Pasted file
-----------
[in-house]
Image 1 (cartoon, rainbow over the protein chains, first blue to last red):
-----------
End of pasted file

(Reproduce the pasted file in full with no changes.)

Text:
[in-house]
Image 1 (cartoon, rainbow over the protein chains, first blue to last red):